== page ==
GRATITUDE MONTH: DAY 4: “Being grateful does not mean that everything is necessarily good. It just means that you can accept it as a gift.”― Roy T. Bennett
Life is life. We are being spiritually re-aligned to live with what life presents without reacting like 2-year-old children.
Illness, painful diseases, death, poverty, job loss, loss of family and friends, loss of pets and loved ones, it is ALL part of life. If we focus on these issues, life is particularly sad, lonely, painful and without merit. It is not all there is.
Additionally, being grateful means that we learn to swing the pendulum to the mid-point with seeing how we are blessed in each and every moment. We are given these amazing 12 steps to work through that balancing process.
Life happens to all of us. There is nothing to guard us from it. It is what we came here to do. No matter how “good” we think we are, or how large our bankrolls, we are going to face things that challenge us. That IS the point of life. Not to sit safely (?) in some ivory tower, protected from life. Cannot be done. Even those who proclaim themselves free from relationships and wall themselves into fortresses of supposed protection are making their lives even more lonely and sad. Howard Hughes is the one who comes to mind here.
Life is life. There is always a gift in the most terrifying and sad experiences. We get to be grateful for what we have OR we can boohoo when it is gone, having never truly appreciated and loved it, no matter what it is. That regret is the most painful way to live!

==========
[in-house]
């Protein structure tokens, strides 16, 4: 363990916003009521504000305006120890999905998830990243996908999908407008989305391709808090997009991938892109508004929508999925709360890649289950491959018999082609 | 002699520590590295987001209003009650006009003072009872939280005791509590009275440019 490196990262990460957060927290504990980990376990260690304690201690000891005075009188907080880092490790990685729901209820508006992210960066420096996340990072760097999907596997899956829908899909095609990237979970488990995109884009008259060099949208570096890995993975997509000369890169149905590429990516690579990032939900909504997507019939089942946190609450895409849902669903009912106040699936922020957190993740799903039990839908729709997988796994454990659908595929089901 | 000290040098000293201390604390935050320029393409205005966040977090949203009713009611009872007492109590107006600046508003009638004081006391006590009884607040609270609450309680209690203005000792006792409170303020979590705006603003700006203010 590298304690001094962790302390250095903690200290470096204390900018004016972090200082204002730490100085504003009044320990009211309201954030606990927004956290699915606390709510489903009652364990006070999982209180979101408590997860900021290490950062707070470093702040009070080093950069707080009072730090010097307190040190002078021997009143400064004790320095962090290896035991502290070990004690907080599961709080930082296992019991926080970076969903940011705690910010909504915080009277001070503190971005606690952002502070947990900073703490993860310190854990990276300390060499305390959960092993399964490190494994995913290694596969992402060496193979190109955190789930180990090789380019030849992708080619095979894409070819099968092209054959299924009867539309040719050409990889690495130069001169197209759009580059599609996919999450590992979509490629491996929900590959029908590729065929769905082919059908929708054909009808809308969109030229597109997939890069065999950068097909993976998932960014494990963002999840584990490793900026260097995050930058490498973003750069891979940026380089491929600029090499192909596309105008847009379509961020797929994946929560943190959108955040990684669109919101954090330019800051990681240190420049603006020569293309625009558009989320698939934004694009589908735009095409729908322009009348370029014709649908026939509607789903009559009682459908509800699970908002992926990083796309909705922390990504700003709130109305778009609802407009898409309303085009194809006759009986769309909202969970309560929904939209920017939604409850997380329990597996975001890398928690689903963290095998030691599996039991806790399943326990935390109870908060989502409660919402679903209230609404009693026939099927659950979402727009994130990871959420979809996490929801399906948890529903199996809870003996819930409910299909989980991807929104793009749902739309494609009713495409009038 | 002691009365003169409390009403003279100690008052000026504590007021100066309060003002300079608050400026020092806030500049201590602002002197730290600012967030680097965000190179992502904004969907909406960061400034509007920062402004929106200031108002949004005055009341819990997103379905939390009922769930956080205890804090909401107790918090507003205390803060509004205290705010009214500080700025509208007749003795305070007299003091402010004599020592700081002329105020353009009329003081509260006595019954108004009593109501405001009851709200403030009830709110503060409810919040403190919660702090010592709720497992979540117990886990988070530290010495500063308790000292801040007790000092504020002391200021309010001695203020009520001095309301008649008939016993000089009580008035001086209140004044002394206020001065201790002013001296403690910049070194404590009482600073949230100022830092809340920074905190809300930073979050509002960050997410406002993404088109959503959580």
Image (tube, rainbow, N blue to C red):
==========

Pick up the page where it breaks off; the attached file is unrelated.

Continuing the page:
Most people live in regret of what they did not pay mindful attention and grateful appreciation of. Their youth, their loved ones, a sunny day, a special moment with their child, so many regrets. The antidote is to pay very careful attention all the time, being mindful and grateful.
This goes against the grain for addicts. We are constantly crying for more and bigger and better. A symptom of the kind of culture we embrace in a capitalistic world. Capitalism is the death of spirit, the death of caring, the death of being grateful. It is the constant striving and pushing for more and more, without being satisfied in any way…sound familiar?
It is…the very nature of the constantly whining and crying addict. Oh yeah!
I truly believe Gratitude is the antidote for addiction. You cannot be both. It is not possible. It has to be a viable, active, physically practiced part of life to work, but that is extremely simple. Sad thing is, 99% of addicts just won’t do it. They would rather whine that they only need more of something for life to be okay and happy for them. So sad…